By 2003, Arroyo’s name had been enmeshed in no less than ten large-scale corruption scandals.
Having spent only three years continuing her predecessor’s term, Arroyo was constitutionally allowed to run for the 2004 presidential elections – where she won amid allegations of massive fraud.
Discrepant figures in the election returns and certificates of canvass cast doubts on the credibility of the 2004 presidential elections. In the end, however, she was proclaimed winner by more than 1 million votes against her closest rival, the actor Fernando Poe, Jr. who died without seeing the conclusion of his electoral protest.
In mid-2005, Arroyo faced a major challenge to her government following the surfacing of the so-called “Hello Garci” tapes.
The “Hello Garci” tapes were a series of wiretapped and recorded conversations in which a voice similar to Arroyo’s is heard instructing an election official – widely believed to be former Comelec Commissioner Virgilio Garcillano – to rig the presidential polls. There is a specific instruction that a victory of “more than 1 M” be ensured for the woman.
Both Arroyo and Garcillano were forced to admit that they talked to each other during the counting period following the 2004 polls. They have however denied rigging the said elections.
The surfacing of the “Hello Garci” tapes triggered widespread demands for Arroyo’s resignation or removal from office. Here the EDSA II forces and the pro-Estrada groups found a common cause.
Human rights violations would become rampant from 2004 – underscored by present figures from Karapatan (Alliance for the Advancement of People’s Rights) pointing to more than 880 extrajudicial killings and more than 180 enforced disappearances since 2001. Likewise corruption would also worsen – with the latest cases being the National Broadband Network (NBN) deal between the Philippine government and China’s ZTE Corp., and the distribution of “cash gifts” to congressmen and governors in a Malacañang meeting last October.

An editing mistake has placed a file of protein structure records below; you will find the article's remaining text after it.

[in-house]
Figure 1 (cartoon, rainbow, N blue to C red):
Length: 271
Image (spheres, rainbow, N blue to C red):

Arroyo has been the subject of three impeachment complaints citing her for bribery, graft and corrupt practices, betrayal of public trust, and culpable violation of the Constitution – the same charges against Estrada. All impeachment complaints were thrown out through the sheer tyranny of numbers at the House of Representatives.
Jan. 20, 2008 marks Arroyo’s seventh year in office – making her the longest-serving Philippine President since the late Ferdinand Marcos.
March to EDSA Shrine
The participants in the Jan. 18 commemoration – Bagong Alyansang Makabayan (Bayan or New Patriotic Alliance), Black & White Movement, KMLG, Union of the Masses for Democracy and Justice (UMDJ), Concerned Citizens Group, Puwersa ng Masang Pilipino (Filipino Masses’ Forces), and Kubol ng Pag-asa – marched to the EDSA Shrine after the indoor activity at LSGH.
They intended to light candles at the EDSA Shrine – the site of the People Power II uprising where seven years ago, policemen trooped after then Philippine National Police (PNP) Chief Panfilo Lacson was forced by his officers to withdraw support from Estrada. This time, however, the ralliers were stopped by the police from going near the shrine.
“We were the ones who put Arroyo in Malacañang, but now we are prohibited from setting foot (at the EDSA Shrine),” said Bayan Muna (People First) Rep. Satur Ocampo.
The ralliers settled for lighting candles along the sidewalk.(Bulatlat.com)